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Jakarta Post

230 Papuans circumcised to curb HIV/AIDS

  • Nethy Dharma Somba

    The Jakarta Post

Jayapura   /   Tue, July 7, 2015   /  05:06 pm

The Papua AIDS Eradication Commission (KPAD) has overseen the circumcision of 230 Papuans using PrePex devices, a painless procedure provided by the US-based Clinton Health Access Initiative (CHAI), at Dok II Jayapura Hospital.

'€œOf the 253 people who applied for circumcision, 230 had it done. Of the rest, 20 could not proceed because of previously existing penile inserts while the other three had their rings released early due to discomfort,'€ Papua KPAD secretary Constant Karma said in Jayapura on Monday.

Karma, who was also among those having the circumcision done, said that the circumcisions were expected to help control the spread of HIV/AIDS.

Circumcision, he said, prevented men from contracting many venereal diseases, which were considered a stepping stone in the spread of HIV/AIDS.

'€œBy lowering the amount of venereal disease, it is expected that the spread of HIV/AIDS will also be slowed,'€ Karma said.

He added that the skin on the tip of the penis was where different germs causing venereal diseases might be nesting.

Earlier, Karma, a former deputy governor of Papua, revealed that the total number of people infected with AIDS in the province had reached around 19,000 since the virus was first detected in Merauke in 1992.

The device, consisting of an elastic ring that gets placed on a male'€™s genitals for seven days, has been considered practical and easy to use and can provide a non-surgical, medical means to carry out adult male circumcisions.

The modern devices were brought into Papua and West Papua by CHAI and were first used in Indonesia and a number of African countries.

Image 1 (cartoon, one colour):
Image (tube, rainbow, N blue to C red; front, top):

The PrePex method is used for men of 15 years of age and older. Before being circumcised, the patients underwent counseling to avoid shock after having the rings attached to their genitals.

Charles, one of the participants, said that he could still carry out daily functions after having the rings installed. Although, he said, he felt pain each morning.

'€œThe pain came when my penis was erect but it disappeared with the erection also,'€ said Charles, adding that during erection the rings exerted more pressure, thus causing pain.

Charles also said that two days after the rings were attached, the skin on the tip of his penis began to blacken and on the third day it became septic and odorous.

On the seventh day, he said, the skin had dried and was then cut off and the rings were released.

Meanwhile, HIV/AIDS counselor Siti Soltief of the Dok II Jayapura Hospital said that after the rings were released, the men were not allowed to have sex within the following six weeks, to allow the cut skin to heal completely.

'€œAll the circumcision participants have been informed of this and they have all understood and agreed to abide by it,'€ Siti said.

After Papua, voluntary circumcision using the PrePex device will also be conducted in Wamena, Jayawijaya, Paniai and Manokwari, in West Papua. In Jayawijaya, 220 are reported to have applied for the procedure, in Paniai 110 people and in Manokwari 220.

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